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From Dom Guéranger's The Liturgical Year.

The serpent’s promises had stifled, in Eve’s heart, every sentiment of love for the God that had created her and loaded her with blessings: she is ambitious to be God like Him! Her faith, too, is wavering; she is not sure that God may not have deceived her, by threatening her with death should she disobey His command. Flushed by pride, she looks up to the forbidden fruit; it seems good to eat, and it is fair to her eyes.[1] So that her senses too conspire against God, and against her own happiness. The sin is already committed in her heart; it needs but a formal act to make it complete. She cares for nothing but self; God is no more heeded than if He did not exist. She stretches forth her daring hand; she plucks the fruit; she puts it to her mouth, and eats!

God had said that if she broke His commandment she should die; she has eaten, she has sinned, and yet she lives as before! Her pride exults at this triumph, and, convinced that she is too strong for God’s anger to reach her, she resolves on making Adam a partner in her victory. Boldly she hands him the fruit, which she herself has eaten without any evil coming to her. Whether he was emboldened by the impunity of his wife’s sin, or, from a feeling of blind affection, wished to share the lot of her who was the 'flesh of his flesh and bone of his bones,’ our first father, also, forgets all he owes to his Creator, and, as though there had never been aught of love between him and his God, he basely does as Eve suggests: he eats of the fruit, and by that act ruins himself and all his posterity.

No sooner have they broken the tie which united them with God, than they sink into themselves. As long as God dwells in the creature, whom He has raised to the supernatural state, his being is complete; but, let that creature drive his God away from himself by sin, and he finds himself in a state worse than nothing—the state of evil. That soul which, a moment before, was so beautiful and pure, is a hideous wreck. Thus is it with our first parents: they stand alone; creatures without God; and an intolerable shame seizes them. They thought to become gods, they aspired at infinite being; see them now:—sinners, the prey of concupiscence. Hitherto, their innocence was their allsufficient garb; the world was obedient to them; they knew not how to blush, and there was nothing to make them fear; but now, they tremble at their nakedness, and must needs seek a place wherein to hide!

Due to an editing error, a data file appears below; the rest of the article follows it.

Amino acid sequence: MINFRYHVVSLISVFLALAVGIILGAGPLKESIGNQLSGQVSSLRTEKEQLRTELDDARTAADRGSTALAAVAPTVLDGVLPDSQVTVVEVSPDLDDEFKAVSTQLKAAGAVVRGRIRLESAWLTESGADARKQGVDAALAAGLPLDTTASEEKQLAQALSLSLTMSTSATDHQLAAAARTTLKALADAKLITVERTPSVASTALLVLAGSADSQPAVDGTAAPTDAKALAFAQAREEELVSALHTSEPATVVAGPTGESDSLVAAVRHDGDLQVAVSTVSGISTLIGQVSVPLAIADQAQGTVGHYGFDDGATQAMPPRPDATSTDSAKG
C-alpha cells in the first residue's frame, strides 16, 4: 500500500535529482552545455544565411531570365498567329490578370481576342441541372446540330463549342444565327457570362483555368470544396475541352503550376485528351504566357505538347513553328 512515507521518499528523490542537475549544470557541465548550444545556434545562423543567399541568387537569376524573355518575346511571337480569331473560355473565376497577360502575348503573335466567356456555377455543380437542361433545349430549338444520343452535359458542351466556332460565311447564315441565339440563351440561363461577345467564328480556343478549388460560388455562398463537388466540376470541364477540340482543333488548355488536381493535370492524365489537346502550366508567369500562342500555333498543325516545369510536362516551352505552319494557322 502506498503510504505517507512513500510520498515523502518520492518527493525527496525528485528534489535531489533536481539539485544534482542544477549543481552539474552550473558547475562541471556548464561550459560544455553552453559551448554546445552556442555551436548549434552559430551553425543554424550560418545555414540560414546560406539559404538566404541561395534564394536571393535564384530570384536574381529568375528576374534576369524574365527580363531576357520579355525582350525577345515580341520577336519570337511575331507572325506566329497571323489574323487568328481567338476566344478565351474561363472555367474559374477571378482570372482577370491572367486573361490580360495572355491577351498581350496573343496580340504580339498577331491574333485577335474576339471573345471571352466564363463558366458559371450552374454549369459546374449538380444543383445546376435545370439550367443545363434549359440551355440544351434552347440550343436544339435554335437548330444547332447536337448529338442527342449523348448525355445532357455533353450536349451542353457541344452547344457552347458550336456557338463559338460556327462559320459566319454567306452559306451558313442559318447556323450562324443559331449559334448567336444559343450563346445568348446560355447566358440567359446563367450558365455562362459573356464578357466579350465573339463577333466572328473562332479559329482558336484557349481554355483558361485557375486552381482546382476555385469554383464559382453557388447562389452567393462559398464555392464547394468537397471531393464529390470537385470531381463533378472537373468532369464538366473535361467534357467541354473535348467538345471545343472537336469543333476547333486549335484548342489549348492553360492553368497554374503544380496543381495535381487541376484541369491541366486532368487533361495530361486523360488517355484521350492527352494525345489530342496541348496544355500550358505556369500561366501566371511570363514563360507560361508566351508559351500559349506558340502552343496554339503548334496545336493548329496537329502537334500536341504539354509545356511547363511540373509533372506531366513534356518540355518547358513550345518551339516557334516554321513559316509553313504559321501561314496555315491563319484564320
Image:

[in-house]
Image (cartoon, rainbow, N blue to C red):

The same self-love that had worked their ruin, had made them forget the greatness and goodness of God, and despise His commandment. Now that they have committed the great sin, the same blindness prevents them from even thinking of confessing it, or asking the forgiveness of the Master they have offended. A sullen fear possesses them. They can think of nothing but how and where to hide!

In Dominica Tyrophagi

Miser ego, honore a te, Domine, in Eden affectus fui: hei mihi! quomodo in errorem inductus, et diabolica invidia appetitus, depulsus sum e facie tua?

Angelorum ordines, paradisi ornamenta, et plantarum quæ illic sunt decus, me fraude misera abductum et a Deo longius digressum lugete.

Pratum beatum, piantatæ a Deo arbores, paradisi deliciæ, e follis velut ex oculis lacrymas nunc effundite super me, nudum et a Dei gloria abdicatum.

(Domina sancta, quæ fidelibus omnibus paradisi januas ab Adam per inobedicntiam quondam clausas ape misti, misericordiæ mihi fores expande.)

Invidens mihi olim inimicus, hominum osor, beatum paradisi domicilium me specie serpentis supplantavit, atque ab æterna gloria submovit.

Lugeo et animo discrucior, oculisque lacrymarum multitudinem adjungere exopto, respiciens et intelligens partam mihi ex transgressione nuditatem.

Dei manus me e terra plasmavit; at in terrain rursus revertendi miser legem accepi; quisnam me ejectum a Deo, et inferos pro Eden assecutum, non defleat?

(Te, labis omnis expers Dei Genitrix, fideles universi mystieum gloriæ thalainum annunciamus, unde lapsum me, precor, o pura, aptum fac paradisi thalamum.)
Unhappy me! thou hadst laden me, O Lord, with honours in Eden. But, alas! I was led into sin; I became a victim to the envy of the devil; I have been driven from thy face.

O ye choirs of angels! ye that give paradise such beauty, and to its flowers their loveliness; weep over me the dupe of wretched craft, now far from your God.

O fair garden laud! O ye trees, charm of paradise, planted by God’s own hand, let your leaves be turned into eyes, and shed your tears over me, for I am a naked king, dethroned of God’s glory.

(O holy Mother! thou that didst throw open to the faithful those gates of heaven that had been shut by Adam’s disobedience, open now to me the gates of God’s mercy.)

The enemy, the hater of mankind, envied me my blissful home in Eden; under the form of a serpent he supplanted me, and robbed me of eternal glory.

My soul weeps and is racked, and I fain would give floods of tears to mine eyes, when I see and understand the nakedness that has come to me by my transgression.

The hand of God formed me out of the earth; but I have miserably brought on myself the sentence: I must return into the earth. Who is there that will not weep over me, that have lost my God, and have given up Eden for hell?

(Sinless Mother of God! the faithful throughout the world proclaim thee to be the mystic throne of glory. I, then, that am fallen, beseech thee, spotless Virgin! prepare me for a throne in heaven!)

 

[1] Gen. iii. 6.